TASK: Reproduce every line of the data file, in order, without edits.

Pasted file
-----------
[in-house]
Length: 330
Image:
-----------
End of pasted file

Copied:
[in-house]
Length: 330
Image: